Book copyright debate ignores the future


Iliad Discussion of territorial copyright for authors and book publishers is heated and emotive. Tim Wilson of the Institute of Public Affairs writes that it's all about greedy authors protecting their turf, while The Age's editorial writer says it represents the abandonment of the guardians of our literary culture.

The debate surrounds last week's Productivity Commission recommendations for the removal of parallel import restrictions. The restrictions currently in place are said to allow local writers, publishers, and small book shops to earn a living in exchange for higher book prices for the public. The proposed change could reverse this situation.

Both sides have a point, but the argument itself may be irrelevant.

Like newspapers, it's certain that books will move from print to an electronic form within the next 20 years. Rupert Murdoch told the Fox Business Network earlier this year that newspapers will be converting relatively soon:

'I think it's two or three years away before they get introduced in a big way and then it will probably take 10 years or 15 years for the public to swing over.'

Books will not be far behind.

There will only be a future for authors, publishers and booksellers who embrace the new medium. In the United States, Amazon is focused on the uptake of its Kindle e-book reading technology. In Australia, Dymocks is testing the market with a European device called the Iliad (pictured), together with an increasing range of e-book titles in its catalogue.

Writers are also taking up the challenge to experiment. The formula for success is uncertain, and aspiring US author Matt Stewart is using Twitter to serialise his novel in 140 character installments.

The point is that Australian writers and publishers would do better to focus their efforts on making the future rather than preserving the past.

The Federal Government will soon decide whether to accept or reject the Productivity Commission recommendations. However whatever legislation is put or left in place could be largely irrelevant in as little as five years time. The experience of the music industry has shown that copyright provisions do not readily transfer from traditional forms of production and distribution, to the internet.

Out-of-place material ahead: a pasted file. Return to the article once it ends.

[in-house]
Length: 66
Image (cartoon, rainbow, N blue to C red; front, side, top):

New rules will be necessary because things are done differently online. This is where Australia's writers, publishers and booksellers should be.

Michael MullinsMichael Mullins is editor of Eureka Street.


Topic tags: michael mullins, Productivity Commission, territorial copyright for books, Matt Stewart, twitter



submit a comment

Existing comments

I managed a small academic bookshop back in 1971. At that time the abolition of retail price maintenance (RPM) was being proposed - retailers could sell at whatever price they chose - and recommended retail price (RRP) would come in.

I remember the uproar: "The sky will fall!" summarises it. Supermarkets were getting into selling books cheaper. But the specialist bookshops who survived were those with personality, with staff who read the books in stock, and were even encouraged to read the books, with staff who did more than just "push product".

Now we have A & R and Dymocks stores not even having bothering (it's "the bother and imagination factor") to have a special display when Terry Pratchett was knighted. They're into pushing product, with interfering "Can I help you?" and "This is very popular" rather than really appreciating books. And "literary books" sections - how do you decide what goes into such snobbish categories?

Another issue from the 1970s. The world was carved up between British and US interests. If an author was "British" and the British publisher did not publish - stiff! Ditto for being "US". Has this problem been addressed?

Frank Bremner | 21 July 2009  

I hope when ebooks replace the ones I buy now that cheap broadband will be available for all. What will those outside the big centres do otherwise? Even though I live just outside the metro area of Melbourne I have to have wireless to get broadband, & from the only provider in range; it is very expensive. If however I lived on, say the West Coast of Eyre Peninsular as I once did I would have to have satellite broadband which is super expensive even with a government subsidy. When oh when will people remember that not everyone lives in areas with broadband cover.

Rosemary West | 25 July 2009  

But you're forgetting that even digital content has rights restrictions built in. Look at iTunes and the Kindle itself.

Abandoning the PIRs is opening up the Australian market to foreign publishers without any reciprocal arrangement in ANY other major English-language market. Australian publishers will be swamped and new Australian authors will be denied an audience because the 'sociopaths in suits' (to borrow a phrase) decided that an open market is more important than cultural integrity. We don't see the UK or US abandoning their territorial copyright provisions do we?

This will not lead to cheaper books but it will lead to less Australian produced content and the loss of many jobs in the Australian publishing industry.

Joe Ennis | 25 July 2009  

Similar Articles

Race riots and the multiplex

  • Sarah Ayoub
  • 30 July 2009

The boys of Lebanon have found a niche in Aussie pop culture. Several recent films deal with Arab-Australians as the 'other', examining the extent of their assimilation, the codes they live by, and their functions within a 'tolerant' society.


Aggro Abbott vs Hockey the bear

  • John Warhurst
  • 29 July 2009

Hockey, a big friendly bear of a man, is popular in the electorate. Abbott suffers from his aggressive stance and his image as a conservative Catholic. Both are contenders for the Liberal leadership should Turnbull fall before the next federal election.



Subscribe for more stories like this.

Free sign-up